SAP has managed to score some impressive alliances this week that significantly strengthen the companys position as an enterprise applications provider.
The announcement that SAP AG and Microsoft Corp. will simplify the interoperability between their respective NetWeaver and .Net Web services development platforms will make it easier for SAP customers to deploy enterprise applications in the Windows environment.
To achieve this, SAP will issue a NetWeaver upgrade in 2005 that will enable SAP applications to integrate with Microsofts Biztalk Servers. SAP also will provide sample code allowing developers to integrate SAP applications with Microsoft Office and with applications built with Visual Studio 2005.
For its part, Microsoft has agreed provide in 2005 the repository managers that will link SAP NetWeaver Knowledge Management to Windows SharePoint Services and Microsoft Exchange Server.
SAP also will provide a portal development kit to allow .NET developers to create custom applications that can work with the SAP portal platform.
SAP also has agreed to support Microsoft Visual Studio .NET so that developers can work within the Visual Studio Integrated Development Environment to build Windows front ends to SAP applications. Version 2.0 of SAPs .Net Connector, due for release in August, will include improved Visual Basic Language support.
Its not as though SAP has had any trouble migrating into organizations where Windows prevails. More than 40,000 SAP installations already run on Windows, and two-thirds of new SAP deployments are based on the Microsoft platform.
But greater integration between NetWeaver and .NET should streamline the development process. This should prove to be a particular benefit to organizations that are running mySAP Business Suite on Windows.
But it will be of the greatest benefit to Microsoft independent software vendors, who will find it easier to build applications that work with SAP applications.
Development and technology alliances such as these are never done for altruistic reasons. This partnership brings competitive risks along with benefits for both companies.
For SAP, the risk is that the closer integration will enable Windows ISVs to chip away at application functionality that might otherwise have been provided by SAP applications.
Weighing the Risks
The risk for Microsoft is that if SAP gains ground in Microsofts core enterprise market, it might encourage the migration to SAP applications on other platforms, such as Linux. There is also a slight risk that SAP could erode Microsofts dominance on enterprise desktops.
The fact that SAPs NetWeaver is fully compliant with the Java 2 Enterprise Edition (J2EE) standards may confer some small advantage among customers where this is an important factor.
But the benefits for customers as well as for the competing companies outweigh the risks. The risks of standing aloof from each other are greater. You cant have any influence on a market or on a widely used application platform if you try to ignore it.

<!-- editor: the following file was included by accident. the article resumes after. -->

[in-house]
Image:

This is a theme that has been constantly repeated throughout the history of the computer industry. Competitors have to be prepared to play on the same field or find they are eventually shut out of the game. SAP and Microsoft wield so much market power that they simply cannot ignore each other.
SAP also disclosed that it is working with major hardware companies to help implement “adaptive computing” capabilities in the NetWeaver platform.
Adaptive computing is a process that is supposed to allow enterprises to rapidly change their systems and business processes to adapt to changing business conditions.
For IT managers, adaptive computing is a way to develop and deploy applications so they can be processed at any time, on any server that can do the job the fastest at the lowest cost.
SAP is building shared services and service virtualization features into NetWeaver that can rapidly assign the processing of specific business applications to the underlying hardware that is most efficient. The company is scheduled to release the adaptive-computing features for NetWeaver in June 2004.
SAP said it is working with Dell Inc., Fujitsu Ltd., Hewlett-Packard Co., IBM, Intel Corp., Network Appliance Inc., Sun Microsystems Inc. and T-Systems Inc. to implement adaptive-computing services across their hardware product lines.
It remains to be seen whether adaptive computing can deliver the promised computing-efficiency improvements and cuts in total cost of ownership that SAP and its partners have promised. Its still another question whether such efficiency improvements will actually be detectable on the bottom line of IT expenditures.
But again, customers will reap benefits, even if adaptive computing delivers even a small fraction of the promised efficiency improvements. If it is demonstrably successful, SAP will gain significant market advantages for being among the first enterprise software companies to prove that it actually works.
eWEEK.com Enterprise Applications Center Editor John Pallatto is a veteran journalist in the field of enterprise software and Internet technology.